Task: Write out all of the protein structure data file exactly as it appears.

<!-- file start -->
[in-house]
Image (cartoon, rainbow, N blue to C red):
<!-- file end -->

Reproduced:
[in-house]
Image (cartoon, rainbow, N blue to C red):